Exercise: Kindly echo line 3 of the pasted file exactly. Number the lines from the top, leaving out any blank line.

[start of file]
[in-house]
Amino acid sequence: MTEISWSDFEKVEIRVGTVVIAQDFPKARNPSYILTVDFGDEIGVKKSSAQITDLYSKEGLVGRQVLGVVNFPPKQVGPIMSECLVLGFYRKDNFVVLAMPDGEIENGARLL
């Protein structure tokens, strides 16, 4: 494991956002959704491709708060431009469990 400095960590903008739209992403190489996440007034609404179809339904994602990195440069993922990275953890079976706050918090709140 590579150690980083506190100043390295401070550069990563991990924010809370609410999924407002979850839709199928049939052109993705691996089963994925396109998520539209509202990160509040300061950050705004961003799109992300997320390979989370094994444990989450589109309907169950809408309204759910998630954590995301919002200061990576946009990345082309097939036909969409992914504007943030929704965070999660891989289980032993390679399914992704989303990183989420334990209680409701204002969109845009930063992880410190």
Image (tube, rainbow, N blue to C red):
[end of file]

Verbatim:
């Protein structure tokens, strides 16, 4: 494991956002959704491709708060431009469990 400095960590903008739209992403190489996440007034609404179809339904994602990195440069993922990275953890079976706050918090709140 590579150690980083506190100043390295401070550069990563991990924010809370609410999924407002979850839709199928049939052109993705691996089963994925396109998520539209509202990160509040300061950050705004961003799109992300997320390979989370094994444990989450589109309907169950809408309204759910998630954590995301919002200061990576946009990345082309097939036909969409992914504007943030929704965070999660891989289980032993390679399914992704989303990183989420334990209680409701204002969109845009930063992880410190």